I have seen this myself in the life of young Christians. Walls tumble down before them, or so it seems, a miraculous hailstorm levels the obstacles in their path. Some of you, I know, remember such times early on in your Christian lives. But Dr. Packer continues,
“But as they grow stronger, and are able to bear more, he exercises them in a tougher school. He exposes them to as much testing as they are able to bear — not more…but equally not less… Thus he builds our character, strengthens our faith, and prepares us to help others. … Thus he glorifies himself in our lives, making his strength perfect in our weakness.” [Knowing God, 246]
Some television preacher may take your money by convincing you that if you do this or if you give that all your problems will disappear and your Christian life will become a pleasant stroll instead of a difficult climb, but the Bible has a different message. It talks of the many tribulations through which we must pass to enter the kingdom of God and of the implacable enemies that we must face along the way, and of unending battles. The easiest part for Israel was at the first, when she marched into Canaan on dry land, and when Yahweh did much of her fighting for her. But then she was left to fight in the more normal fashion. No more tumbling walls; no more hailstorms. Just battle after battle; and battles, no doubt, with casualties. Even if we take the idiomatic statement in v. 21 to mean that no Israelite soldier suffered so much as a scratch — perhaps not the most likely interpretation — that statement would in all likelihood be the same hyperbole as the statement that nothing that breathed was left alive in southern Canaan. These were battles were fought the way battles were fought in the ancient near east — hand to hand combat — in which men were wounded and men were killed. Even if the casualties were vastly larger on the Canaanite side, even smashing victories have their casualties.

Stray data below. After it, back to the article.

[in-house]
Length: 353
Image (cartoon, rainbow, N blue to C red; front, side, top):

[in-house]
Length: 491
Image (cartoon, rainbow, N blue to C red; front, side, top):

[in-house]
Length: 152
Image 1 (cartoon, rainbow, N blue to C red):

Take a lesson from the world and the life of mankind. Surely you notice this. We are ever searching for the solution to our problems on this planet and ever failing to find it. Things never really get better, do they?
The First World War led inexorably to the Second World War. The Second World War was not well and truly won before the allies fell out and the Cold War began. Violence continued to be a way of life all over the world as a host of smaller wars replaced the one big one: not only in Korea and Vietnam, but in many conflicts less well known but just as vicious. As soon as the Cold War was over the scourge of terrorism befell the world. Think of Syria, Afghanistan, and Pakistan today. Is the world getting safer? Happier? Who thinks so?
In the prosperity and relative peace of American life, we must remind ourselves of how many people in our world today live in fear of others. How many are desperately poor. How many are hungry. And what of us, who enjoy what for most people in the world today is unimagined plenty and comfort? Look what is becoming of Western Europe and the United States. These societies are committing suicide before our very eyes. Feckless politicians, a corrupt media, a pandering entertainment industry, a compromised academy and a decadent population that clamors only for bread and circuses have together produced a society that no longer can summon up the will to live or the wisdom to do so. Birth rates are plummeting. I read the other day that if fertility rates continue to be what they are, by 2050 (just 35 years from now) — there are people in this sanctuary who will still be young adults in 2050, if the fertility rates hold — two out of every three Italians and three out of every four Japanese will be elderly dependents. [David Goldman, How Civilizations Die, ix] There is precious little to suggest that those birth rates can be reversed. Governments have been trying everything they could think of to reverse them and nothing has worked. As Christianity has collapsed in Europe and as modern social life has transformed Japan, people have lost interest in the future. It no longer matters to them. And people with little or no hope for the future do not have babies. And it is hardly only Italians and Japanese. Their birthrates aren’t as bad as some other countries. All of Europe, parts of Asia, and soon North America will see steep population declines fundamentally alter our way of life and not for the better.